Remember - The Closer You Get the More You Need to Stop Down

Dewy mornings are great for spider webs. This one was close to the ground with soft overcast lighting - a photo-worthy subject indeed.


Because the ground was damp, I flipped-up the LCD on the Fujifilm X100V so I wouldn't get my knees wet while I composed the shot. I wanted a super soft background, so I opened up the aperture all the way to f/2.0. I figured the web was a flat plane. It would be sharp and everything else would be lovely soft.

When I returned home and viewed the shots on my MacBook, I discovered that I had grossly miscalculated. Yes, the right side of the web was beautiful - strings of pearly dew hanging from a twig in a pattern that only a spider could design.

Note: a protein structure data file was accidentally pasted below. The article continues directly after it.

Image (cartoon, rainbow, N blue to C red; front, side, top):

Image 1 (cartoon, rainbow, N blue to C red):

But the left side was out of focus! I thought for sure that I had lined up the composition so the web was parallel to the camera, ensuring that everything would be sharp. But I was wrong.

If only I had stopped down to f/4 or even f/5.6, I would have a bit more depth of field to compensate for the angle and would have rendered the subject perfectly. The background is going to be out of focus no matter what. It was way back there. The was no need to open up to f/2.0. What a dumb mistake.

There are days when I need to fall out of love with wide open aperture. Clearly, this was one of them. The moral of the story is, when you're very close to a subject, you need to stop down a bit to make sure it is sharp.

Maybe next time...

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